I don't want sympathy but I've been getting a lot of it
People have been asking me what exactly it is that I'm supposed to have done, writes Willie O'Dea
A WEEK really is a long time in politics. Just over a week ago I was the Minister for Defence, a position I enjoyed immensely and a duty I performed with pride. With all that has been said about me by my detractors since I resigned from the Cabinet, I am glad to see that not one of them has taken issue with my role in charge of the Defence Forces.
Right now, the last thing I am looking for is sympathy, but of late I have been getting a lot of it and I have to say I cannot help but be thankful to the people who have shown me this kindness. I walk down the street in Limerick and the recurring theme is sadness that their local deputy is no longer at the Cabinet table and personal sympathy to me.
It might sound strange to say it after so many years in the public life, but I can't help being a bit self-conscious these days, especially back up in Dublin. You feel that people are looking at you and nodding to one another as you pass. And, of course, some of them have stopped me for a chat. They have been invariably polite and kind, but the recurring question seems to be: "Willie, what exactly was it that you are supposed to have done?"
I suppose if you stole money or cheated on your taxes or were found sleeping with another man's wife, it would be simple enough. People would get that instantly and make up their own minds. But there has been so much spin and so many twists and turns in the past week or so, that there is still a lot of confusion. I try to explain the sequence of events as simply as I can -- winning the vote of confidence, then resigning after the Greens' ultimatum. People then have responded to me by saying that they believe the punishment did not fit the "crime". Some said it should have been a yellow card, not a red card.
The fact that the story did not start and end with me only adds to the misunderstanding. People bring up the Fine Gael and Labour attack on Dermot Ahern and Trevor Sargent's resignation and it all seems part of one complicated political muddle.
Naturally I feel sympathy for Trevor, though I suppose the wrench will not be as great for him, since he was not in office as long as I was. The totally unwarranted attack on Dermot Ahern was part of the fall-out from my resignation and, for me, one of the most regrettable aspects of the whole affair. I suppose Fine Gael recognises a tough and effective Minister for Justice. His crime apparently was that he spoke up for me in the course of a heated Dail debate! Then when Trevor resigned because of an unlawful representation made to a member of the Garda, two and two were put together to make five. The logic was that Dermot Ahern is the Minister for Justice; the Minister for Justice is in charge of the Garda; therefore the Minister for Justice has "questions to answer"! That was it. That was the full substance of the case put forward. The Taoiseach quite rightly described this pathetic nonsense as "beneath contempt", and "without foundation". To which I would suggest he could have added "almost certainly defamatory".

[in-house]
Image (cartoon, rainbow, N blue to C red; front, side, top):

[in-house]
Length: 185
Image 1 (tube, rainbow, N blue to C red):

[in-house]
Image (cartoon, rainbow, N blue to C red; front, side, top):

Like me, Trevor will have to start getting used to a new life, a new way of life. In my case, I will now operate without the strong team that has been backing me up for years -- my two garda drivers have now gone back to the garda pool; my six constituency secretaries and my private secretary are still in the civil service but no longer available to me, and I will now concentrate on running my constituency office with just my constituency secretary.
I feel most sorry for Suzanne Coogan, who was most skilful in looking after my media relations and Derek Mooney, my personal assistant, who have become unemployed as a result of my decision to resign. I owe them both a great debt of gratitude.
And, of course, it is a difficult time for family members because they too have been facing a barrage of questions as they go about their daily lives.
But from my own point of view, I now have to get on with my political life. I have a constituency to serve. People's problems don't go away just because I am not in the Cabinet. I represent an area that has been particularly hard hit. We were heavily dependant on tourism, which has been considerably reduced, and we lost of lot of manufacturing jobs that were low-skilled and so it was not very easy to find alternative employment.
I was able to persuade my fellow ministers to back the regeneration scheme for Limerick and that has now reached the point where it requires the heavy investment of some government capital. The big question is, is the money there? I am confident we will get it. The Minister for Housing, Michael Finneran, has assured me the money is in place. And I will do everything possible to ensure the scheme is fully delivered. That is my priority, together with ensuring this Government survives to carry on the work of restoring the economy to a functioning, job- creating entity.
After all, that is why I resigned from Cabinet in the first place.
Willie O'Dea is a Fianna Fail TD for Limerick East